The old man was so astounded he forgot all about his aches and pains. He dropped his cane as he scurried back to his bedroom. Quickly shutting the door behind him he jumped back into his bed. He didn’t sleep a wink that night. He just laid there counting the minutes ‘til daylight.


Word_artwork by Aliisa LeeWord
By Grant Weingaertner, age 11

“Stop playing video games. You’re going to go blind!” shouts Mom. “Do something productive. You have to enter the Picture Book Press 350 for 50 contest this year. It has to include the sentence, ‘it unfurled slowly, then settled’.”

“NOOOOOOO!” I shout.How am I supposed to think of something for that sentence and make it interesting? After a week I haven’t thought of anything. Maybe Mom forgot about it. Now it is spring break and I’m playing Pokémon on my 3DS.

“You can’t spend your spring break playing video games. Your thumbs will fall off.”
I pace around worried that I can’t think of anything. But being the forgetful person that I am, I start to play Pokémon again. I catch a Shuckle, a Noibat, a Skrelp, and a Metagross.

“You have to practice your piano and then write your story.”

This is horrid! Now, not only do I have to write but also I have to practice piano. I sulk to the piano and flail around on the keyboard.

Mom shouts, “Now write.”

Slinking over to the desk, I flop on the chair and lay down my head. Suddenly, an idea hits me. Why haven’t I thought of this before? I smile and type furiously. My story is about me trying to figure out what to write about. I’m typing so fast, my laptop might burst into flame.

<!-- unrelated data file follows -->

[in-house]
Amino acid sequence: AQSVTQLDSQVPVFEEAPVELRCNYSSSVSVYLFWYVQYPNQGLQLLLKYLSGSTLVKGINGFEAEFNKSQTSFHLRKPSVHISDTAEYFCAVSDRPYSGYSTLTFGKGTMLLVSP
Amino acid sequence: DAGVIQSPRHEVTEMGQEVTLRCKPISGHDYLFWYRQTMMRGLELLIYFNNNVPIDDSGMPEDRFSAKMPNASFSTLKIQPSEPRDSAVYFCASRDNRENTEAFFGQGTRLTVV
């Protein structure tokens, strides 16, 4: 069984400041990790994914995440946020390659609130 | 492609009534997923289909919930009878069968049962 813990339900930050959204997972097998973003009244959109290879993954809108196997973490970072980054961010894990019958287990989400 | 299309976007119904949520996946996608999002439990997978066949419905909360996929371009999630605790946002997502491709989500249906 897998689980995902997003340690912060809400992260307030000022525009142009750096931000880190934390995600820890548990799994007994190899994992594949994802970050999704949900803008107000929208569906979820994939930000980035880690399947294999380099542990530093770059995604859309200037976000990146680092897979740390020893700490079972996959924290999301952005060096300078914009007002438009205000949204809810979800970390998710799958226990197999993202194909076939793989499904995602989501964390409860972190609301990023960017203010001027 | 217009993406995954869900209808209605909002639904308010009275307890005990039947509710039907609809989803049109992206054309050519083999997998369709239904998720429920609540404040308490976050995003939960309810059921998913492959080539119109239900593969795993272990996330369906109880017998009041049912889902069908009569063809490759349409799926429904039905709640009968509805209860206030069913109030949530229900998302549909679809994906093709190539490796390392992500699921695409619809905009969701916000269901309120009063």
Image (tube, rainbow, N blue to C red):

Soon, I am bored.

I wander off and pace around for a while, and then I am drawn to my 3DS like a moth to a flame. I crushed the Elite Four with my Xerneas. I am declared the league champion. This is psychedelic!

Oops, Mom is walking past. I’m supposed to be writing. I hurry back to my laptop.
I finally reach the present in my story and I have run out of material. Maybe I should check the rules. It says “Stories must be no longer than 350 words.” Man! 350 words! That’s a lot for me. How many words do I have left? I check the word count.

I have 351! Guess I have to delete a…


Corrupted_artword by Aliisa LeeCORRUPTED
By Rennie DiLorenzo, age 13

Space. In the old days, everyone thought that there were lots of galaxies, full of wonder and hope. But being the patrol in the small quadrant of Aster-Delta 6, I found that looking at a galaxy for hours on end really doesn’t fill you with excitement. Or anything close to that. Instead, you begin to question your existence and the existence of others.

On my small, four-roomed ship (plus cockpit) called “Determination,” the most fun activity was releasing the air lock. Or playing Merio – a virtual-reality game. But seriously, after awhile, beating Browser again and again gets boring quickly. This is a lonely job.

One day, in the middle of one of my “questioning life and existence” sessions, my monitor
showed me that there was an incoming ship. The ship was small and Class 5, which was good because only Class 3 and up were allowed to dock here. My ship is a class 5.5c. I messaged him and said “What is your business in this zone?” The response I got sent chills down my spine: “CORRUPTED.”

This never happens. This would take an insane amount of damage/hacking to get this message typed. To put this in perspective, you would need a whole country of hackers on that ship to create half of the letter “c.” This message had only been managed once by a crew of 2 trillion and a space ship made from three small planets. The craft I was looking at couldn’t fit two people.

I stumbled and slapped myself to see if this was some cruel nightmare. It was not. I
messaged again: “WHAT?!” The response came from the snake like blaster hose at the top of the ship. It unfurled slowly then settled. Another message: “ CORRUPTED.”

I started shaking. I tried to contact Aster-6 headquarters. The message I got back terrified me to the bone: “CORRUPTED.” For the first time, I was truly alone. The blaster on the ship was charging up.

There was a blinding light and then sudden and utter darkness.


Artwork by Aliisa Lee